How about The Army of God and other groups who kill doctors in the U.S. ?
      What about white supremacist Christian terrorist groups like the Aryan Nations, Aryan Republican Army, Phineas Priesthood, and The Covenant, The Sword, and the Arm of the Lord?

      February 15, 2012 at 1:55 pm |
    • Nonimus

      @LADave,
      When was the last time the Christian religion as a whole denounced anything? (Catholic, Lutheran, Anglican, Eastern Orthodox, Coptic, etc.)

      February 15, 2012 at 3:43 pm |
    • LADavid

      @Nonimus

      WWII – trying to stop Nazi power and the killing of Jews.
      Look at any domestic and foreign terrorism. From Oklahoma City Bombing to IRA. In even the most "holy of acts", the Church as a whole does not promote or accept the methods used in terrorism.

      I think what you're hung up on is the phrasing "as a whole." Yes, I concede that there will rarely if ever be an act that the entire church endorses or condemns. I used the phrase meaning a majority of dissent or disapproval of an action.

      Where is that from the Muslim communities and world? Where are the people in saying, "hey, we shouldn't be bombing Israel?" Or even those in Egypt or Turkey or the United States? Where are those Muslim voices that are saying, "stop killing people on behalf of religious views?"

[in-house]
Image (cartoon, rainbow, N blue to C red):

I know they're there. But they're too few and far between. That dissent isn't the voice of the religion. The voice of the religion is silence in the wake of "extremist" actions – and that silence is dangerous.

      February 15, 2012 at 4:21 pm |
    • Okta Van Maagdenberg

      very true

      February 15, 2012 at 5:18 pm |
    • Nonimus

      @LADavid,
      "WWII – trying to stop Nazi power and the killing of Jews."
      Give me a break!

      Perhaps you want to revisit Pope Pius XII's stance on the Nazis.

      Or, perhaps if "the church as a whole" had taken a stand, Nazi Germany never would have been a threat.
      "Churches throughout Europe were mostly silent while Jews were persecuted, deported and murdered by the Nazis. Churches, especially those in Nazi Germany, sought to act, as insti.tutions tend to do, in their own best interests - narrowly defined, short-sighted interests."